We thank Grandfather Commanda for his contributions.

Miigwetch.

ArcticNet
Statements by Members

2:10 p.m.

Conservative

Ryan Leef Yukon, YT

Mr. Speaker, I am pleased to rise today to tell the House about our government's latest commitment to northern environmental protection, a five-year renewal of funding for ArcticNet.

Last week the Minister of Industry announced a $67 million contribution toward ArcticNet's research, which is focused on sustainable development, marine ecosystems, clean air and other challenges facing our north. Thanks to this commitment to ArcticNet, researchers and communities will be able to work together to better understand our northern environment, which is key to building a prosperous and environmentally protected north.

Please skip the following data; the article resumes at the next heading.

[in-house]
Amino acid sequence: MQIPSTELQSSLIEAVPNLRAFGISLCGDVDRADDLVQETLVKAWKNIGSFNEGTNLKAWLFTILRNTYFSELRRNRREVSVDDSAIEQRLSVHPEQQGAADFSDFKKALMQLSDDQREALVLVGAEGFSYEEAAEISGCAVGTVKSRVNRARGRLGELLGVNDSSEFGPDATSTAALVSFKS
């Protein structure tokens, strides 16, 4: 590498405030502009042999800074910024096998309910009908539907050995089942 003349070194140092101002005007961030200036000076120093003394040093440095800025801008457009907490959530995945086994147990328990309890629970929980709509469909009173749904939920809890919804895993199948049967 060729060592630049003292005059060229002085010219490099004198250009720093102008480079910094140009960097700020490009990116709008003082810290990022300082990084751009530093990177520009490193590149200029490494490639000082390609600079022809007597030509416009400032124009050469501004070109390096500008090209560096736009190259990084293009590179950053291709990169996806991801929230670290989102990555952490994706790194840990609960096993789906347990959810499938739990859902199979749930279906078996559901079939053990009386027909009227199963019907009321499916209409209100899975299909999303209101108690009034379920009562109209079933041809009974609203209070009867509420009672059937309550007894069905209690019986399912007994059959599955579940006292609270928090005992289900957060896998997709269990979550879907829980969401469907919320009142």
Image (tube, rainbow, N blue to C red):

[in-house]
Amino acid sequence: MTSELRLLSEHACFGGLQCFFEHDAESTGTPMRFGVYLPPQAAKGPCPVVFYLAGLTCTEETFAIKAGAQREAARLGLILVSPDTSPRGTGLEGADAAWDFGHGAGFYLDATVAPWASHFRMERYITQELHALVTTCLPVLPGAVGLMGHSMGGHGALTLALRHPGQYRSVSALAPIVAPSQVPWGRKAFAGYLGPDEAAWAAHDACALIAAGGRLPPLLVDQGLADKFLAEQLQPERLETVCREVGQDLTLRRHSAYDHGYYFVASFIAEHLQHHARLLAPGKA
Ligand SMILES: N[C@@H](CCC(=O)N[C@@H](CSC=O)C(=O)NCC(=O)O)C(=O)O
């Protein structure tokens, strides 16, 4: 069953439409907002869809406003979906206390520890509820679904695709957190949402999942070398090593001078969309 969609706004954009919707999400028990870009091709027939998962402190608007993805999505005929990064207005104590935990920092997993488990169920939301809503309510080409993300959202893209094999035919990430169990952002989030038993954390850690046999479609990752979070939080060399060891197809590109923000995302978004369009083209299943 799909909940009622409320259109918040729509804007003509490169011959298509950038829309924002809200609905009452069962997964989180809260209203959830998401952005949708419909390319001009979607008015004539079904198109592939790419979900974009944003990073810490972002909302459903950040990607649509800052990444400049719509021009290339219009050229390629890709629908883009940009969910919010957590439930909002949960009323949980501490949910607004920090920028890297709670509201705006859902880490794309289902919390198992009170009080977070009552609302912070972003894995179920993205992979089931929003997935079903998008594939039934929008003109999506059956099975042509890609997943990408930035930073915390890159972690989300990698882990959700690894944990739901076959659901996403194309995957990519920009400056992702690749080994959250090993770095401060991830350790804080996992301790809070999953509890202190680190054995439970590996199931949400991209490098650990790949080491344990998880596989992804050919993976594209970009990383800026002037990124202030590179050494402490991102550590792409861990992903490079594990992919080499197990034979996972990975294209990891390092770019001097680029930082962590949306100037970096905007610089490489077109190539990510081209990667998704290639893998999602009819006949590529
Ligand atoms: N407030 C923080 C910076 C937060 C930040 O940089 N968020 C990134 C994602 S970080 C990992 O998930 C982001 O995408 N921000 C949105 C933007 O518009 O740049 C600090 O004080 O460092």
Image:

After years of neglect by the previous Liberal government, and despite the anti-development opposition of the NDP, our government, led by our Prime Minister, is acting to ensure that the north fulfills its true potential as a healthy, prosperous, environmentally protected and secure region within a strong and sovereign Canada.

Jack Layton
Statements by Members

2:10 p.m.

NDP

Jack Harris St. John's East, NL

Mr. Speaker, I rise today to pay tribute to my late friend and colleague Jack Layton, Leader of the Opposition and member of Parliament for Toronto—Danforth. He was my friend and my family's friend, but he was also every family's friend, especially those who long for social justice, economic security or simply recognition of their value in society.